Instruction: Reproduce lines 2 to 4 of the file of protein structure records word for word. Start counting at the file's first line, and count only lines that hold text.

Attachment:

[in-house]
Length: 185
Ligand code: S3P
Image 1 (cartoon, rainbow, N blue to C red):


Length: 185
Ligand code: S3P
Image 1 (cartoon, rainbow, N blue to C red):